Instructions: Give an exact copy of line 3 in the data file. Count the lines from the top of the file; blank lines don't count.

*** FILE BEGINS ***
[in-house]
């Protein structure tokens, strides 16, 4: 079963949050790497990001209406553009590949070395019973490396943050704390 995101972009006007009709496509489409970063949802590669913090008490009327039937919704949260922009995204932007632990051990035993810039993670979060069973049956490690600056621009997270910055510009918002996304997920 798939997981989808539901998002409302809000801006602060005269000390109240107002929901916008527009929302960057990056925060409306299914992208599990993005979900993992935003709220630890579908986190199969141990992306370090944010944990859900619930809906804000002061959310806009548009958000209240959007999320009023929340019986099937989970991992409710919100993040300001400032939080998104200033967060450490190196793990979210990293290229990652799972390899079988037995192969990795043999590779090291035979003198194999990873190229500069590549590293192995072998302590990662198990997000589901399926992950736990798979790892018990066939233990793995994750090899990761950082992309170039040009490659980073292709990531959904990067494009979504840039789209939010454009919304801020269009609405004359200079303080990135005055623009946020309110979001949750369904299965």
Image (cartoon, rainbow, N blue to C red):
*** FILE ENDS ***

Image (cartoon, rainbow, N blue to C red):